Mistrust of therapy for cptsd

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Rainagain

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Mistrust of therapy for cptsd
« on: May 20, 2018, 10:37:15 AM »
I would like to offer my experience as something that might be useful for people to consider, its the reason I am suspicious of therapy but it has a deeper significance to therapy as a treatment for disorder (I think).

My cptsd arose due to my life being in danger and the situation being made worse by my employer.

Now, during the main difficult time I had weekly counselling sessions and I discussed my feelings and what was happening to me.

The counselling went on for almost 2 years, this was the period during which I developed cptsd.

I was under constant threat, my caregiver was undermining me to protect themselves and preventing me from moving to a place of safety. It was a very difficult time.

Counselling did not protect me from developing the cptsd disorder.

If counselling were some sort of cure for cptsd then it should have prevented cptsd from arising, I think.

I suppose I don't have much faith in counselling as a cure because for me it did not work as an antidote or a protective measure like an inoculation against a disease.

Maybe its unfair for me to expect weekly counselling to ward off the harm caused by protracted existential threat.

But therapists are offering their services to help historic trauma, and it doesn't even work as an emergency first aid type measure.

The same goes for meds, I was on lots of them, they didn't prevent my cptsd from developing and subsequently didn't help cure it.

I think the fact that cptsd is a disorder caused by trauma is significant. I and my hind brain were experiencing the stress of threat and so talking things over was little use, I was experiencing trauma vividly and continuously, 40 minutes a week of talking didn't help, but how could it?

Makes me wonder how therapy sessions can help with trauma that went on for years and happened years ago.

I'm not sure lived experience of trauma is available for therapy, it happened, it changed the mind and body and the facts can't be changed or reinterpreted in some sort of non traumatic way to make them less damaging.

I sound negative about therapy. But what I think is that it is unrealistic to expect therapy to help much because the cptsd disorder is such a huge thing.

Similarly, changing some brain chemistry with meds isn't going to alter what has happened. It might take the edge off a little but alcohol is far more effective in that regard, no wonder people have trouble with drink.

The power of trauma seems so much greater than the power of meds and therapy.

I'm wondering what others think, I don't blame therapists or doctors for having a go at repairs. I just think they don't have the tools to fix this problem, its too big.

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radical

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Re: Mistrust of therapy for cptsd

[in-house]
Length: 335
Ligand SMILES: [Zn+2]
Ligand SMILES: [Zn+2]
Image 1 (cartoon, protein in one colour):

« Reply #1 on: May 20, 2018, 12:59:30 PM »
I agree and disagree, Rainagain.

Firstly, I'm sorry you went through this and that you were betrayed by the very people you shoudl have been able to trust and rely on.  There are no words.

The effects of chronic trauma probably can't be prevented by talking to a therapist while the overwhelming events are unfolding.  Trauma is about our systems' normal coping mechanisms being overwhelmed.  Our stress responses evolved to protect us from brief and discrete crises, like a tiger approaching.  We were never equipped to have this kind of arousal jammed on.  It takes a huge toll on our bodies, brains and minds.  It probably causes pretty significant brain and endocrine changes, and those changes probably make up a big part of why it is so hard to recover from CPTSD.  It's likely to take a whole lot to get the system into 'normal' mode.

I believe the right kind of therapy, with the right person can help, but also that the wrong kind of therapy with the wrong person can make things worse  For most of us (maybe all) betrayal from people we should have been able to trust is a huge part of the problem  It's hard, ( but not impossible) to restore faith and trust in humanity, the world, and ourselves without finding trust with another person. We learn (or don't learn) trust as infants within close relationships and it is as biological as it is, psychological.  We are so relational that eye contact, soothing touch and voices, and attunement still help us calm our overwrought systems as adults.  One problem can be letting anyone close enough.  Good quality therapy can really help with this, imo, both in being genuinely seen and heard, and being mirrored in what we are feeling, and being able to communicate with someone who really is trustworthy and who understands what we are going through.  This can alter our brains and bodies.


It's never going to be the whole or the only answer, though and there are many other ways of working with our frazzled biology.


As to drugs, there are some drugs that can drastically increase neuroplasticity and can therefore go some way to repairing the loss of connectivity between networks and also regenerate neurons.  The loss of both are very likely to be a big part of the CPTSD jigsaw.  Other things like exercise, social contact and pschotherapy can also increase neuroplasticity.  I also believe that it is understandable for us to turn to meds to take the edge off the pain and to get through the days and to sleep at night.  I wouldn't judge anyone for taking analgesics for physical pain. It's all about informed choice, imo.

Having said that, my own experience has been that much of both the therapy and the medications I've taken over the years were counter-productive.